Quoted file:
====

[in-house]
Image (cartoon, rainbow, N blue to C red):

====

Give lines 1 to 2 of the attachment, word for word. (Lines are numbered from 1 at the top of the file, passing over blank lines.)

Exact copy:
[in-house]
Image (cartoon, rainbow, N blue to C red):